Effects of Endogenous Cyclotronic Ionic Resonance (ICR) on Macular Diabetic Edema: Preliminary Results

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The intent in this research was to verify the effects of the application of low frequency magnetic fields to cases of macular diabetic edema. We treated six patients afflicted by non-proliferating diabetic retinopathy with macular oedema. Quantitative clinical appraisals of the retinal thickness were obtained for the Optical Coherence Tomography (OCT I). None of the cases affected by non-cystoid macular oedema (non-CMO), or with a relevant ischemic component, evidenced by retinal fluorangiography, had further worsening in their clinical course during the treatment. Only one of the patients, who underwent a long treatment period with ICR demonstrated a significant reduction of the macular edema, with no need of other invasive therapeutic procedures (intravitreous injection of triamcinolone and/or laser therapy).

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... For example, CMFs were shown to modulate the time course of insulin-like growth factor II (IGF-II) assayed at both 24 and 72 h post exposure in fracture callus obtained from the femurs of Sprague-Dawley rats [45]. More recent studies have described positive clinical effects on a diverse range of medical conditions and disease states [2,8,10,12,35,44,52]. However, these results are based on pilot studies and require additional clinical trials for substantiation. ...
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Electromagnetic fields generated by spinal bone growth stimulation devices have been computationally modelled to determine coverage of the lumbar spinal vertebrae. The underlying assumption of these models was that the electric field, but not the magnetic field, was therapeutically relevant. However, there are no published studies examining the therapeutic coverage of spinal fusion sites by stimulators utilizing combined magnetic fields. To assess the coverage, an anatomical model of the vertebrae and discs of the lumbar spine was developed to represent interbody and posterolateral fusion sites. Computer simulations of the induced electromagnetic fields were analysed to determine coverage of the fusion sites. For both interbody and posterolateral fusion models, combined magnetic fields provided 100 % coverage of the fusion sites for all intervertebral disc spaces and for all posterior planes from L1 to L5, respectively. Within the vertebral column, the magnitude of the electric field reached a maximum value of 3.6 × 10(-4) V/m, which is several orders of magnitude less than any reported study demonstrating a biological effect. Given its clinical efficacy, a bone growth stimulator utilizing combined magnetic fields must rely on the action of its magnetic field rather than its electric field for a therapeutic effect.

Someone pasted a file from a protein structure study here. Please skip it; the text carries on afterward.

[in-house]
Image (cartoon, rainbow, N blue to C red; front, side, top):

Tom S. Tenforde A programma tic effort to assess the effects of magneticfield exposure on living organisms and man is under way at the Lawrence Berkeley Laboratory. This program, which is supported by the Division of Biomedical and Environmental Research of the U. S. Department of Energy, has three principal aspects. First, in a project for which I serve as the coordinator, a series of biophysical experiments are being carried out to determine magnetic field effects on molecular, cellular and whole-animal test systems. A second effort, headed by Dr. Thomas Budinger, involves epidemiological studies designed to evaluate potential health effects in groups of scientists and industrial workers who have been occupationally exposed to high magnetic fields. The third project is the establishment of magnetic field exposure guidelines by a six-member committee composed of scientists from through­ out the U. S. and headed by Dr. Edward Alpen, Director of the Lawrence Berkeley Laboratory Biology and Medicine Division. During the initial phase of this program, it became increasingly clear to all of the scientists involved that it would be a worthwhile effort to hold a Biomagnetic Effects Workshop. There were, in fact, three reasons underlying our decision to sponsor such a conference: First of alL more than a decade has passed since there was a large conference in the United States devoted exclusively to biomagnetic research.
The Early Treatment Diabetic Retinopathy Study (ETDRS) has recently shown that argon laser photocoagulation treatment is beneficial in reducing the risk of visual loss from clinically significant diabetic macular edema. The ETDRS treatment consisted of a combination of focal treatment to individual-leaking microaneurysms and grid treatment to areas of diffuse leakage and capillary nonperfusion. These techniques are described in detail, and the concepts of “clinically significant macular edema” and “treatable lesions” are defined. Guidelines for the application of ETDRS findings to clinical practice are discussed.
Seven hundred forty-four eyes with very severe proliferative diabetic retinopathy (PDR) were followed with conventional management over a two-year period. Decreases in visual acuity were more frequent during the first year of follow-up than during the second, and were related to baseline visual acuity level and retinopathy severity. After two years, visual acuity was less than 5/200 in 45% of eyes with more than four disc areas of new vessels and visual acuity of 10/30 to 10/50 at baseline, but in only 14% of eyes with traction retinal detachment not involving the center of the macula and without active new vessels or fresh vitreous hemorrhage at baseline. Vitrectomy, which was undertaken only if retinal detachment involving the center of the macula occurred or if severe vitreous hemorrhage failed to clear after a one-year waiting period, had been carried out in 25% of eyes after two years of follow-up.
Le Maculopatie: clinica e terapia Fabiano Editore Canelli (AT
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